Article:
Bizarro Day on Facebook

Facebook is an unusual animal. If you can tame the beast and teach it to do your bidding, it is undoubtedly one of the best networking tools in the world. In 5 minutes, you can find out any piece of information, survey all of your friends, or arrange a social engagement from start to finish. I found a bike seat on Facebook. I find recipes on Facebook. I stalk people on Facebook.

But you have to be careful that the beast does not tame you and teach you to do its own bidding. It is easy to sit down for 5 minutes and then look up two hours later, having no idea that you’ve been sitting there so long. Doing nothing. Really.

Last night I became friends with a dog on Facebook. I just hardly even know what to say about this. There it was: a Friend Request. In my Friend Request section. Lucy Pug, the dog of my best friend in my childhood neighborhood, was there in my box requesting me as a friend on Facebook. I stared at that request for a couple of minutes while my finger wavered on the mouse button. Finally, I selected Yes. Sure, Lucy Pug. I’ll be your friend. Far be it from me to be the lady who won’t be her friend’s dog’s friend on Facebook. It’s a mouthful, I know. Two minutes later, a message came up. It said simply: Lucy Pug has accepted your friend request.

Wait a second. What?
She accepted MY friend request?
Apparently I hadn’t been asked to be her friend. She had suggested that I ask her. And I never saw it coming.
And I requested that a dog become my friend.

But at least she said yes.
At least there’s that.
If that dog had turned me down, this would be a whole different blog.

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The Generation Gap

So tonight we took young Spemma to church with us. As we were sitting on the pew before church began, she ruffled Mama’s Boy’s hair and basically messed it up. And then a three way conversation commenced. The conversation was between Spemma (18), me (40), and Melissa (38).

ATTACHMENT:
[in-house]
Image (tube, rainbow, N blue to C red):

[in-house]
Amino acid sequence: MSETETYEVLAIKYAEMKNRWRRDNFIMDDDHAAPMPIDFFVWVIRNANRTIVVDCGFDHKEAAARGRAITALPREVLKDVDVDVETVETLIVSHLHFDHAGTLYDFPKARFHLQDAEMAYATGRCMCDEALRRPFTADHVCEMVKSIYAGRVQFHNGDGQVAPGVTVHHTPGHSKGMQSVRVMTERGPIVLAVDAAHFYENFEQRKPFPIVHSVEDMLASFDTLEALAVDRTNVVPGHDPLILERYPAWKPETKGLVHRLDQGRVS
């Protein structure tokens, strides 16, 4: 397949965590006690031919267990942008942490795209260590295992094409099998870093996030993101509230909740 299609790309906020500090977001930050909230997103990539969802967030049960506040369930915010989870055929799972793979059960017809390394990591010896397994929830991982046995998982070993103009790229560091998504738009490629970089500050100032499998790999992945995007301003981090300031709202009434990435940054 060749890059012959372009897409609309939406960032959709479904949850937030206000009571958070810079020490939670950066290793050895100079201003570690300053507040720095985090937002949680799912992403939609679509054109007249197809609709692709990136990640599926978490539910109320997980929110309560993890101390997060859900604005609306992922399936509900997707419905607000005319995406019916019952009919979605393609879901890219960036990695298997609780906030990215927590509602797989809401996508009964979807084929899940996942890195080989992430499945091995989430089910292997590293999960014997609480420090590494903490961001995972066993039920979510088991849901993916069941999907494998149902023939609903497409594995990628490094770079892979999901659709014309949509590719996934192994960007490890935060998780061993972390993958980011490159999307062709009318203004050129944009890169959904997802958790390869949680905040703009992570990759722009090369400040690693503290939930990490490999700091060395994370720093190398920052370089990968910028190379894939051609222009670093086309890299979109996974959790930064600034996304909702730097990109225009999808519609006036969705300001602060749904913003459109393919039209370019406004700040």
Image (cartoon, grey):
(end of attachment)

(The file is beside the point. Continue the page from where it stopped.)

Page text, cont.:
Me: Hey. You are messing up his Robert Redford hair.
Spemma: Who is Robert Redford?
Me: What?! Who is Robert Redford? Come ON.
Me again: The Natural?
Spemma: The What?
Me: Oh, forget it. Horse Whisperer? No, you wouldn’t know that one.
Melissa: Oh, he was in a broadcast news movie with Michelle Pfeiffer somewhat recently. She might have seen that one.
Spemma: I don’t know who Michelle Pfieffer is, but I did watch a broadcasting movie one time.
Me: Oh, for crying out loud. You don’t know who Michelle Pfieffer is either?
Melissa: I’m going back to my bench where I don’t feel so old.

Sheeeeeee.

You sly dog, you

Writing, writing, writing.
Oh, the writing.
The clock is ticking and I am in the thick of a deadline, loving every minute of it and trying not to waste time spinning unnecessary wheels. I’ve gotten some good advice over the last two weeks and some of it has perhaps saved me already.

Due to my needing to actually get work down, we moved out scary couches from the living room and moved in a small desk from upstairs. The living room is perhaps my favorite room in the house.  It’s not particularly charming, but it is flooded with natural light and it’s just a happy, cozy place to be.

And besides being well-lit, it is now the place where I am, which means it is often where my children want to be. I welcome this and we set them up a place doing this or that, when they want it. Sometimes they come in and color. Sometimes they play a computer game. Sometimes they put on music and shake their groove thangs.

Today it was Beloved and the Computer games. She wanted Starfall.com and she likes to listen to their songs, while singing along herself. As she was going to TOWN today, I realized that my Canon PowerShot was on my desk and Beloved was sitting on the other side of my desk. So like the sly dog I am, I set my camera on my computer, aimed at her, and started to record. She never knew I was taping. This is a little slice of our life and her personality. I could just snarf her up some days.

Besides the general preciousness of looking into the heart of a 4-year-old, there is a moment at the end that makes me laugh. I was trying to turn off the camera during a fake, explosive cough. Why I felt I had to conceal the powering OFF, I do not know. All I know for sure is that I did NOT power it off because I didn’t hit the button with enough force. So what we have is a badly orchestrated theatrical choking.

And a little girl who melts my heart. Completely.

Introducing Spemmangelo Snapp

That is one rockin’ name, I can tell you. I wish it were really mine.

Allow me to introduce you to the most extraordinary person living in my house right now.

It’s me.

bahahahaha.

But the honorable mention goes to Spemma.